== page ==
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Macon herald. (Macon, Miss.) 1841-1842, September 04, 1841, Image 1

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Persistent link: https://chroniclingamerica.loc.gov/lccn/sn87065376/1841-09-04/ed-1/seq-1/

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The Constitution and the Laws—the Guardians of our Liberties.'
SEPTEMBER 4, 1841.
NO. 9.
Is published every week, in the town of Macon
Noxubee County, Mississippi, at Three Dol
lars per annum, in advance.
No mibiif rlpUoii tak/*n for a shorfertenn than Six
M'inilis. in which caw payment will he required in ail
V au ce ; and no subscriber stiflVird to withdraw, (hut at
tuooptioa ulthe I'roprrietors,) uiilUallarrearageaare
ADVERTISEMENTS, not exceeding one Square,
I HU dies, or less,) wilt be One Dollar lor the first, and SO
Ueuts tor each subséquent insert ion. Larger ones,in
proportion. Our advertising friends are requested to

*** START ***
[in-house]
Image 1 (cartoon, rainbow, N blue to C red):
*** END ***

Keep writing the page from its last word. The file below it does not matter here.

mark t lie number of insertions they wish us to give
heir advertisements, on the iiiursiu—otherwise they
will be published untilforbid,audcliargedaceotdiiigly,
discount oi Twenty-live percent, to those who adv er
tiso by the year. Advertiseiiièiltefroiu »distance must
he accompanied with the Cash, or some responsible
reference, or Iliey will rmt t*. published.
lOB WORK expected to be paid for at the time
Con fessions of a Coward.
How many cowards, whose hearts are"nil as lake
As stars of sand, wear yet upon their chins
The beard of Hercules, and frowning Mars;
Who inward searched, have livers while as
milk !
It is not often that a man will suffer him
sell to be posted as a coward, even in the
circumscribed sphere of an obscure water